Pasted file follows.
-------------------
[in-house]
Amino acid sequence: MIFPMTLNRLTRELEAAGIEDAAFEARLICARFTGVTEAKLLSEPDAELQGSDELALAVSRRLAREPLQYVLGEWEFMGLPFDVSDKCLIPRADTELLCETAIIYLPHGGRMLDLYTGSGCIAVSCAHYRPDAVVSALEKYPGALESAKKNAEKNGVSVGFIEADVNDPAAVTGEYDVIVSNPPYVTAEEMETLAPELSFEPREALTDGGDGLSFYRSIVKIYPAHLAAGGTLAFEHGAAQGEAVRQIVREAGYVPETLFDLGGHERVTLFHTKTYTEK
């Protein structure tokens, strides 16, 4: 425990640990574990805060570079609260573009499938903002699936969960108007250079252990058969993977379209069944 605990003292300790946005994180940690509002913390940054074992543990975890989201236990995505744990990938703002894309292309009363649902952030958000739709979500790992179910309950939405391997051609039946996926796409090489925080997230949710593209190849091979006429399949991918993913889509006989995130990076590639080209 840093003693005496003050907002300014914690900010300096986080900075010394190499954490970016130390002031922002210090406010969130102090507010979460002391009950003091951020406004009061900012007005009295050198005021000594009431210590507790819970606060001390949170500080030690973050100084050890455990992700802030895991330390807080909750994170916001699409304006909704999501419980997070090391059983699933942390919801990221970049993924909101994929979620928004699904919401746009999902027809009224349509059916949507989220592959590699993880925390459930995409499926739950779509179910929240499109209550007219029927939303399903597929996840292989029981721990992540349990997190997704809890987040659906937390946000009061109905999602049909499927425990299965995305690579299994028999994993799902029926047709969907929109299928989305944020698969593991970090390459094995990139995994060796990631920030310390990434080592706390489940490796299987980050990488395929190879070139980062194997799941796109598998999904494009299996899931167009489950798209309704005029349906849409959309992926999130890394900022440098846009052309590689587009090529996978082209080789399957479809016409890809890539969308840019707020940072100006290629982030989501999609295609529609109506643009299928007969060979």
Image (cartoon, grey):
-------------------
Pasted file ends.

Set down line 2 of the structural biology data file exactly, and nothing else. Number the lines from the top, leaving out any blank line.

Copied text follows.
Amino acid sequence: MIFPMTLNRLTRELEAAGIEDAAFEARLICARFTGVTEAKLLSEPDAELQGSDELALAVSRRLAREPLQYVLGEWEFMGLPFDVSDKCLIPRADTELLCETAIIYLPHGGRMLDLYTGSGCIAVSCAHYRPDAVVSALEKYPGALESAKKNAEKNGVSVGFIEADVNDPAAVTGEYDVIVSNPPYVTAEEMETLAPELSFEPREALTDGGDGLSFYRSIVKIYPAHLAAGGTLAFEHGAAQGEAVRQIVREAGYVPETLFDLGGHERVTLFHTKTYTEK